Myrtle Beach hotels and resorts faced a soft beginning to the summer, but many are bouncing back as the tourist season reaches its height.
The spring season was particularly strong, helped by the fact that Easter fell in March, industry leaders and business owners said. But June, the official start to the high summer season, did not prove as steady for some.
Taylor Damonte, director of the Brittain Center for Resort Tourism at Coastal Carolina University, said that across lodging, occupancy rates were down between 1 and 2 percent for the first month of the summer tourism season.
For some, it was worse. Kim Sanborn, vice president of operations for Wyndham Vacation Rentals, said that occupancy across the company’s nine Myrtle Beach properties was down by 5 percent from April through June.
Wyndham, which has roughly 1,400 rooms in the area, could have been impacted by several factors. Sanborn said she was uncertain what exactly caused the dip, but said that false reports early in the year about poor ocean water quality may have scared some guests away from the beach.
“I do think that has something to do with it. Nobody can quantify such a thing, but we do get that sense that that has impacted us,” Sanborn said. “We got a decent amount of calls into our call center.”
Tom Moore, general manager for Hampton Inn & Suites Oceanfront, said that he also had more open rooms than usual in June. “It picked up as the month went on,” he said. “The first two weeks were real soft. We were worried.”
The first two weeks were real soft. We were worried.
Tom Moore, general manager at Hampton Inn & Suites Oceanfront
Brad Dean, president of the Myrtle Beach Area Chamber of Commerce, said that the first two weeks of June tend to be touch-and-go for businesses that serve tourists. However, he said, concerns about water quality were present at the beginning of the year.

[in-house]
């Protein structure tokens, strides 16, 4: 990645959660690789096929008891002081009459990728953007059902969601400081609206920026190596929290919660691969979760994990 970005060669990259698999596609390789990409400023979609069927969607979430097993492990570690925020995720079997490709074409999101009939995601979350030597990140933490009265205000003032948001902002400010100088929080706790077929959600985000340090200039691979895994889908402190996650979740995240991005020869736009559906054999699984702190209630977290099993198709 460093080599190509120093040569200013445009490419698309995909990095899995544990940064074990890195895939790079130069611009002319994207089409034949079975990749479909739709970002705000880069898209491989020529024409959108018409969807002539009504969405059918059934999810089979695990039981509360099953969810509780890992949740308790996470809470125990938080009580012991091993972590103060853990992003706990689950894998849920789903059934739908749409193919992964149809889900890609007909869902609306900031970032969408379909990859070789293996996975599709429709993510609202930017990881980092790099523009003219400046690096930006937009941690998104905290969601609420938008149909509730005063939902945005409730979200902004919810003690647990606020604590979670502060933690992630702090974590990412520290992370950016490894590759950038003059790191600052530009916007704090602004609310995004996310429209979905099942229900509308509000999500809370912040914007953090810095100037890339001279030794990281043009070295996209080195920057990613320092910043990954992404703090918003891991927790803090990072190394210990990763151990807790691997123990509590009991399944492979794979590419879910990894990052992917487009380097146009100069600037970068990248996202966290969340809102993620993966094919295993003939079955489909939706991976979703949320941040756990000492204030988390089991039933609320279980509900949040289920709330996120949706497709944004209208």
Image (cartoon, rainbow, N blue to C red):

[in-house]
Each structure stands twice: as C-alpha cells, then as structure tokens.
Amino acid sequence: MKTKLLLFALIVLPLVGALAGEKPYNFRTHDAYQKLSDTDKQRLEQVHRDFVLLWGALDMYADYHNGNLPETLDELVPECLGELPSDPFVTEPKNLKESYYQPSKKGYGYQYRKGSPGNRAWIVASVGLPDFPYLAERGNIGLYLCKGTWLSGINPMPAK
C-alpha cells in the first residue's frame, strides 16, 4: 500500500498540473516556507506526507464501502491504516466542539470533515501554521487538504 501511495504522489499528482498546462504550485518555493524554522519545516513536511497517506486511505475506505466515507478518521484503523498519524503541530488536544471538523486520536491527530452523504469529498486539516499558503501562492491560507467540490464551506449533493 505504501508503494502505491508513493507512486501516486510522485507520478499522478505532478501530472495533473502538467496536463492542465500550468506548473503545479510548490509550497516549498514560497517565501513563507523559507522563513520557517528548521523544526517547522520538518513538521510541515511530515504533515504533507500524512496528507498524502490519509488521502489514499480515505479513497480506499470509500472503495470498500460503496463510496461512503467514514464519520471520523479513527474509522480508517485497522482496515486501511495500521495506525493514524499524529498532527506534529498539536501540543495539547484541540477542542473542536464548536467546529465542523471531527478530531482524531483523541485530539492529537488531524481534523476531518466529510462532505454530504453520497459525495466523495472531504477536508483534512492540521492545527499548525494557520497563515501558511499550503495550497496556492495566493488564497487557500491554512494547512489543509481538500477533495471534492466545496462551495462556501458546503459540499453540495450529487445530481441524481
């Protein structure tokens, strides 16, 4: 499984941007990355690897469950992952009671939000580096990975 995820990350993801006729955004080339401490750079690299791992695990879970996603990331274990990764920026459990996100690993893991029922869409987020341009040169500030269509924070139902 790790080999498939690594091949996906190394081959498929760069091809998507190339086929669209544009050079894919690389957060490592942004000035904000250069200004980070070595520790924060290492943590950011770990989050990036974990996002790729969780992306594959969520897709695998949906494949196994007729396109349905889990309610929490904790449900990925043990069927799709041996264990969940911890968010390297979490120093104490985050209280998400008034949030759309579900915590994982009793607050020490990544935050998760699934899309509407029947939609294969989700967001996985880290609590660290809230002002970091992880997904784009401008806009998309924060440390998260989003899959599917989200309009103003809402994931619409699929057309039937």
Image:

“A steady campaign of misinformation on water quality has prompted many calls and a number of cancellations, but thankfully, many consumers are savvy enough to fact-check the hype,” Dean said.
Moore instead blamed changing school schedules across the country for his slow start. About 90 percent of the customers for his 227 rooms come from outside the Carolinas, and many are families, he said. This year, many schools had to add days to the end of the year to make up for snow closings, which kept them in school later in June, he said.
However, the first months of the summer were not a loss for Moore, because he said he was able to charge more per room. Across the industry, hotels and resorts have benefitted from higher room rates, particularly helping those who had lower occupancy at the start of the season, Damonte said.
While room rates have remained mostly flat for the last seven years, consumers are less sensitive to price this year, allowing hoteliers to charge higher rates, Damonte said.
“It’s only in this last year and a half that we’ve seen pricing power start to come back,” he said.
It’s only in this last year and a half that we’ve seen [lodging] pricing power start to come back.
Taylor Damonte, Coastal Carolina University
The end of the summer may vary for hoteliers in the Myrtle Beach area. Moore said that while his business used to drop off significantly towards the end of August, he now sees a decline in guests starting around Aug. 7, also because of changing school year calendars. This week brought a sold-out hotel, possibly because of Mustang Week, he said, but his bookings for next month are sparse.
However, properties that fear a weak end of the year now may not have one as tourist season winds down. Stephen Greene, president of the Myrtle Beach Area Hospitality Association, said consumers are making travel decisions with less notice, sometimes to the point where a visitor might make a call on a Wednesday to book a room for Friday.
Matt Klugman, director of sales and marketing for Vacation Myrtle Beach, said the summer has gone well for the 14 properties his company manages. Occupancy has been similar to last year across the company’s almost 3,500 rooms, and June proved a strong month, aided by visitors coming to town for Carolina Country Music Fest, he said. His resorts have also been able to charge higher rates than last year.
Some of the trick to that, he said, has been waiting out consumers and not dropping room rates if they’re not booked well in advance.
“It’s a changing world and people’s habits are changing. People will use their mobile phone to book on the way into town,” Klugman said.
Not that it it wasn’t stressful to get to that point. “Our nerves are so fried at this point that we don’t really overreact if the bookings come in a little bit later,” he said.